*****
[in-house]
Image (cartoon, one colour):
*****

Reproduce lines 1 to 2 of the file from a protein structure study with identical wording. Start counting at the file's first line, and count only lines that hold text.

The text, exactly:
[in-house]
Image (cartoon, one colour):